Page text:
during the trip.


Do you have any numbers on this? How much propellant would be
necessary to spin up the rotation?


Assuming a 50 m radius of rotation and a desired acceleration
(pseudo-gravity) of 3 m/s/s, a rotational speed of about 12.2 m/s is
enough. So quite small compared to orbital velocities.


Have you calculated as to whether it would be necessary to use curved
decks to preserve gravity normal vectors across the entire radius of
deck surface that would be off-axis from the rotation?

I suppose it would depend on the rotational radius. If the radius is
long enough the length of the decks may not matter as they wouldn't
extend far enough to experience any off-axis effects since they are too
small a section of the circumference thus they could remain flat.

Also let's not forget the centrifuge approach ala the movie 2001: A
Space Odyssey. One (or two) sections of the Starship could be put in
(counter)rotation to provide artificial gravity within the section(s).
It does introduce issues of vibration and spacecraft stability. Or even
more simply, just put the spacecraft into a spin along the flight path
vector. Thus no 2nd ship required or fancy rendezvous and un-tether
maneuvers needed. This would also allow incremental build-up of
spacecraft by joining future Starships together in LEO to make a larger
spacecraft.

It's fun to speculate. None of this would be needed for trips to and
from the Moon. The flight is just not that long.

Underlying all of lunar & planetary habitation is the assumption that
the human body does not develop strange new diseases from not being in
1G, or that there is some conditioning (PT) needed near 1G to stave off
these effects. Subsequent generations, if born in that environment might
not need that, but might not be able to comfortably live back on Earth
either. Data points we just don't have right now.

Dave

  #17  
Old July 26th 19, 07:44 PM posted to sci.space.policy
Niklas Holsti
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Posts: 128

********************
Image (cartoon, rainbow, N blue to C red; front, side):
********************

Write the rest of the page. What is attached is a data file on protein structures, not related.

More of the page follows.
Default Two Starships in "bolas" rotation

On 19-07-26 20:54 , David Spain wrote:
On 7/26/2019 12:58 PM, Niklas Holsti wrote:
On 19-07-24 20:18 , wrote:
On Tuesday, May 21, 2019 at 2:15:19 PM UTC-4, Niklas Holsti wrote:
The SpaceX plans for the first Mars trips involve two Starships
making the trip at the same time. The SpaceX videos show a Starship
flying alone, in a fixed attitude (pointing away from the Sun) thus
in free fall. From other sources there is some concern that a
multi-month weightless trip may incapacitate the pilots and
passengers, for example resulting in blurred vision when they are
again subjected to acceleration or gravity. Here I propose a
possible solution: cable the two Starships together in a
nose-to-nose attitude and rotate them to provide simulated gravity
during the trip.

Do you have any numbers on this? How much propellant would be
necessary to spin up the rotation?


Assuming a 50 m radius of rotation and a desired acceleration
(pseudo-gravity) of 3 m/s/s, a rotational speed of about 12.2 m/s is
enough. So quite small compared to orbital velocities.


Have you calculated as to whether it would be necessary to use curved
decks to preserve gravity normal vectors across the entire radius of
deck surface that would be off-axis from the rotation?


If the Starship outer diameter is 9 m, the inside walls are perhaps 4 m
from the ship's center. With a 50 m radius of rotation, the centripetal
acceleration at 4 m from the ship's centerline is tilted by some 4.6
degrees to the ship's long axis (that is, to the "vertical" at ship's
center). This is clearly noticeable but I think it would be tolerable.
However, you shouldn't fill your soup-plate to the very edge and then
set it down on a table close to the ship's wall... leave some free-board
and take "seconds" instead. Or the table could have some adjustable
levelling mechanism.

Better keep the decks flat, I think.

I suppose it would depend on the rotational radius.


Doubling the rotational radius halves the off-axis angles, but increases
the required velocity by sqrt(2).

Also let's not forget the centrifuge approach ala the movie 2001: A
Space Odyssey. One (or two) sections of the Starship could be put in
(counter)rotation to provide artificial gravity within the section(s).
It does introduce issues of vibration and spacecraft stability.


That would require major changes to Starship design, or meet with the
same problems as the next suggestion:

Or even
more simply, just put the spacecraft into a spin along the flight path